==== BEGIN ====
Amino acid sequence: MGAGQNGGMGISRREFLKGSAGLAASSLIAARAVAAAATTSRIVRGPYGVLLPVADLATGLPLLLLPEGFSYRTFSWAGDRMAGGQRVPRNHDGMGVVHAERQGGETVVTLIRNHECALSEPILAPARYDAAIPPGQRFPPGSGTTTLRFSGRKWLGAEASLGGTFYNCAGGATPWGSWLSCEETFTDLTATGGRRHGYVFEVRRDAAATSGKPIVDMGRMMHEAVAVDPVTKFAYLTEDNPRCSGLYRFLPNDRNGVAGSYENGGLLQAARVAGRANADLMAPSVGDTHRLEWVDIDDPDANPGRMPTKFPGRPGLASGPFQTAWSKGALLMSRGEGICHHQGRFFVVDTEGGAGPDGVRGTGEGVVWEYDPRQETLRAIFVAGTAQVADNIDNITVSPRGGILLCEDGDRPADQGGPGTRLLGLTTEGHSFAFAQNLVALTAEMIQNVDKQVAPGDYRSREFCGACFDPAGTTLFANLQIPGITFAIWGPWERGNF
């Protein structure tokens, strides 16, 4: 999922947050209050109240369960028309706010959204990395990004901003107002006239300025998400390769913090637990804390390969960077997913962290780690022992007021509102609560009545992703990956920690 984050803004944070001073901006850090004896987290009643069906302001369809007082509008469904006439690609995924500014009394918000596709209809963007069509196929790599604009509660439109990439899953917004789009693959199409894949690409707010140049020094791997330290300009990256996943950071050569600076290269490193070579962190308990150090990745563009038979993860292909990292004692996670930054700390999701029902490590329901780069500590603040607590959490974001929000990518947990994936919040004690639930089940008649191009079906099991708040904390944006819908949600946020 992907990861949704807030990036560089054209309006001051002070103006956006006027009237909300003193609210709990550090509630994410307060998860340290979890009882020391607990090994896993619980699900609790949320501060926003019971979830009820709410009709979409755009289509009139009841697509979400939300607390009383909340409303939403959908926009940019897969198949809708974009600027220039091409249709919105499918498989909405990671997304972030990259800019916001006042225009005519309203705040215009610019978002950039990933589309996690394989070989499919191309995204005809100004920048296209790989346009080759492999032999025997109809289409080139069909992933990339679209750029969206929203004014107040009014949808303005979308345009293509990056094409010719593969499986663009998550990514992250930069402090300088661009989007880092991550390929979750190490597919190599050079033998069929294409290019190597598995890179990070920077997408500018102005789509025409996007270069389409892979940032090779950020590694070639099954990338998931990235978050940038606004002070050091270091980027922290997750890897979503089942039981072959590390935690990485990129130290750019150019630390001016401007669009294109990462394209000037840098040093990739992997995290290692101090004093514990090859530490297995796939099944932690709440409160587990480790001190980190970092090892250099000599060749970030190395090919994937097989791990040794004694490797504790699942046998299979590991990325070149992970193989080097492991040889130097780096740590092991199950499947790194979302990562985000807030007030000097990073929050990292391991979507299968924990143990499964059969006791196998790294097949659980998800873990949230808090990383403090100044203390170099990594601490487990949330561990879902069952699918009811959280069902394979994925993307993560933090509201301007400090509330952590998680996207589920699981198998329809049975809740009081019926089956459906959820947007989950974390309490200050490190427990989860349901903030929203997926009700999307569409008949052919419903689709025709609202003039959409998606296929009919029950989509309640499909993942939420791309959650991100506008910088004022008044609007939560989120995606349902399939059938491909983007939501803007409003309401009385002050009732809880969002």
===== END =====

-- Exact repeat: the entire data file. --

Amino acid sequence: MGAGQNGGMGISRREFLKGSAGLAASSLIAARAVAAAATTSRIVRGPYGVLLPVADLATGLPLLLLPEGFSYRTFSWAGDRMAGGQRVPRNHDGMGVVHAERQGGETVVTLIRNHECALSEPILAPARYDAAIPPGQRFPPGSGTTTLRFSGRKWLGAEASLGGTFYNCAGGATPWGSWLSCEETFTDLTATGGRRHGYVFEVRRDAAATSGKPIVDMGRMMHEAVAVDPVTKFAYLTEDNPRCSGLYRFLPNDRNGVAGSYENGGLLQAARVAGRANADLMAPSVGDTHRLEWVDIDDPDANPGRMPTKFPGRPGLASGPFQTAWSKGALLMSRGEGICHHQGRFFVVDTEGGAGPDGVRGTGEGVVWEYDPRQETLRAIFVAGTAQVADNIDNITVSPRGGILLCEDGDRPADQGGPGTRLLGLTTEGHSFAFAQNLVALTAEMIQNVDKQVAPGDYRSREFCGACFDPAGTTLFANLQIPGITFAIWGPWERGNF
């Protein structure tokens, strides 16, 4: 999922947050209050109240369960028309706010959204990395990004901003107002006239300025998400390769913090637990804390390969960077997913962290780690022992007021509102609560009545992703990956920690 984050803004944070001073901006850090004896987290009643069906302001369809007082509008469904006439690609995924500014009394918000596709209809963007069509196929790599604009509660439109990439899953917004789009693959199409894949690409707010140049020094791997330290300009990256996943950071050569600076290269490193070579962190308990150090990745563009038979993860292909990292004692996670930054700390999701029902490590329901780069500590603040607590959490974001929000990518947990994936919040004690639930089940008649191009079906099991708040904390944006819908949600946020 992907990861949704807030990036560089054209309006001051002070103006956006006027009237909300003193609210709990550090509630994410307060998860340290979890009882020391607990090994896993619980699900609790949320501060926003019971979830009820709410009709979409755009289509009139009841697509979400939300607390009383909340409303939403959908926009940019897969198949809708974009600027220039091409249709919105499918498989909405990671997304972030990259800019916001006042225009005519309203705040215009610019978002950039990933589309996690394989070989499919191309995204005809100004920048296209790989346009080759492999032999025997109809289409080139069909992933990339679209750029969206929203004014107040009014949808303005979308345009293509990056094409010719593969499986663009998550990514992250930069402090300088661009989007880092991550390929979750190490597919190599050079033998069929294409290019190597598995890179990070920077997408500018102005789509025409996007270069389409892979940032090779950020590694070639099954990338998931990235978050940038606004002070050091270091980027922290997750890897979503089942039981072959590390935690990485990129130290750019150019630390001016401007669009294109990462394209000037840098040093990739992997995290290692101090004093514990090859530490297995796939099944932690709440409160587990480790001190980190970092090892250099000599060749970030190395090919994937097989791990040794004694490797504790699942046998299979590991990325070149992970193989080097492991040889130097780096740590092991199950499947790194979302990562985000807030007030000097990073929050990292391991979507299968924990143990499964059969006791196998790294097949659980998800873990949230808090990383403090100044203390170099990594601490487990949330561990879902069952699918009811959280069902394979994925993307993560933090509201301007400090509330952590998680996207589920699981198998329809049975809740009081019926089956459906959820947007989950974390309490200050490190427990989860349901903030929203997926009700999307569409008949052919419903689709025709609202003039959409998606296929009919029950989509309640499909993942939420791309959650991100506008910088004022008044609007939560989120995606349902399939059938491909983007939501803007409003309401009385002050009732809880969002």